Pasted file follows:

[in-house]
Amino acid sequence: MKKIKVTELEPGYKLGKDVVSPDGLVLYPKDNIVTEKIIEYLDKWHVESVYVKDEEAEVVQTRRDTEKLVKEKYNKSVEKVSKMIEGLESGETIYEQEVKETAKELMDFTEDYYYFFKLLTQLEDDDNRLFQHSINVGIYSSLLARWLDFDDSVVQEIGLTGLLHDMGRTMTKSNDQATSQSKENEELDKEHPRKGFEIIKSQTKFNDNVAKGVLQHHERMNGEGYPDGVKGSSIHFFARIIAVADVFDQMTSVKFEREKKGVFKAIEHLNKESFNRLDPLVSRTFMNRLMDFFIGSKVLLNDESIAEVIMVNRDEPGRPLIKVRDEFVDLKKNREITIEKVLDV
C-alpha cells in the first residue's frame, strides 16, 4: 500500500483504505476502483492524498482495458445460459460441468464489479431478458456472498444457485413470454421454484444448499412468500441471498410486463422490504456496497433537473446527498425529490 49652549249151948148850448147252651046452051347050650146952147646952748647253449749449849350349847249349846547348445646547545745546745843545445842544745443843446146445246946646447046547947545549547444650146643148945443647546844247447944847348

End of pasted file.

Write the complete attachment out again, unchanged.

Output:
[in-house]
Amino acid sequence: MKKIKVTELEPGYKLGKDVVSPDGLVLYPKDNIVTEKIIEYLDKWHVESVYVKDEEAEVVQTRRDTEKLVKEKYNKSVEKVSKMIEGLESGETIYEQEVKETAKELMDFTEDYYYFFKLLTQLEDDDNRLFQHSINVGIYSSLLARWLDFDDSVVQEIGLTGLLHDMGRTMTKSNDQATSQSKENEELDKEHPRKGFEIIKSQTKFNDNVAKGVLQHHERMNGEGYPDGVKGSSIHFFARIIAVADVFDQMTSVKFEREKKGVFKAIEHLNKESFNRLDPLVSRTFMNRLMDFFIGSKVLLNDESIAEVIMVNRDEPGRPLIKVRDEFVDLKKNREITIEKVLDV
C-alpha cells in the first residue's frame, strides 16, 4: 500500500483504505476502483492524498482495458445460459460441468464489479431478458456472498444457485413470454421454484444448499412468500441471498410486463422490504456496497433537473446527498425529490 49652549249151948148850448147252651046452051347050650146952147646952748647253449749449849350349847249349846547348445646547545745546745843545445842544745443843446146445246946646447046547947545549547444650146643148945443647546844247447944847348